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Herkimer County Emergency Operations Center ready to respond

By GARY LIBERATORE

HERKIMER, N.Y. (WKTV) - Ten days after the major flooding occurred in Herkimer County, a room inside the County's 911 Center is still quite packed with disaster responders.

Herkimer County Emergency Management Agency Director Bob Vandawalker says that room is called the Emergency Operations Center, or EOC, and he says it will be well staffed for a while.

"There's still a lot of work to do, this is an ongoing process," Vandawalker said. "This is just a place where we filter out all the requests from the local agencies from the DPW to the villages, Fire Department and the individuals. Everything gets filtered through here."

Vandawalker says the damage reports are still keep coming in. He says on Sunday it was learned a portion of the Village of Herkimer's water line was exposed. It had been covered by nine feet of soil but was unearthed on Sunday.

"So the Forest Rangers and Conservation Police volunteered to walk the entire 17 miles of line to identify any problems and that happened yesterday," Vandawalker said.

With more rain possible over the next few days, Vandawalker says he is always in close contact with the National Weather Service out of Albany.

"The sheer number of days that we have seen storms and rain, they're using terms like unprecedented," he said. "So that's the showing that moisture pulling off the gulf, which we thought was going to be ending last week, is still continuing."

Within the EOC, there is personnel from just about every state, local and not for profit agency involved in a disaster response.

Herkimer County Sheriff Christopher Farber is among those that have spent countless hours in the EOC the past ten days and will continue to do so until things are somewhat back to normal in the county.

"The emergency response part is over, now it's determining what's out there, and every day we find something else out there that needs attention," Sheriff Farber said. "Whether it's a resident or a municipality , there's things out there people haven't discovered yet. This will be going on for quite a while."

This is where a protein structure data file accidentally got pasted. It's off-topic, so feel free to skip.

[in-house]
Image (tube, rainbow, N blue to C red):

There has even been someone from the governor's office in the EOC, and Vandawalker says the governor himself has been there twice and continues to help as much as he can,

"Just as an example, last night, when they expected the rain, he deployed the National Guard back, not just for Herkimer County but for the surrounding area if needed, as well as high axle vehicles to get through deep water," Vandawalker said. "And he also deployed Task Force II out of Albany, which is the swift water rescue team. They're still here, they're still waiting because we are expecting more storms."

Vandawalker says some of the cleanup in many parts has still yet to be begin.

"We still have a very long list of roads that are closed, we still have four state highways that are closed, actually five this morning with the rain last night, and some are going to be long term closures," he said. "We're tracking damaged homes, we're tracking vehicles, abandoned vehicles, washed out vehicles. Today we're starting to identify and get coordinates on propane tanks and fuel tanks that are in rivers and fields so we can start the removal process.

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